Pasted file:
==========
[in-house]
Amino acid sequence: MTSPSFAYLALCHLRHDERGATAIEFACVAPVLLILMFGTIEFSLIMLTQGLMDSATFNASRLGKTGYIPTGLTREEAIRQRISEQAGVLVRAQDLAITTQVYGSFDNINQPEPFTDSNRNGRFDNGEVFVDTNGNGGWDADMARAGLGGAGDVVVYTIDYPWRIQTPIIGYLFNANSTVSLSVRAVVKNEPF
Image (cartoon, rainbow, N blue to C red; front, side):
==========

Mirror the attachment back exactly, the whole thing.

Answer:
[in-house]
Amino acid sequence: MTSPSFAYLALCHLRHDERGATAIEFACVAPVLLILMFGTIEFSLIMLTQGLMDSATFNASRLGKTGYIPTGLTREEAIRQRISEQAGVLVRAQDLAITTQVYGSFDNINQPEPFTDSNRNGRFDNGEVFVDTNGNGGWDADMARAGLGGAGDVVVYTIDYPWRIQTPIIGYLFNANSTVSLSVRAVVKNEPF
Image (cartoon, rainbow, N blue to C red; front, side):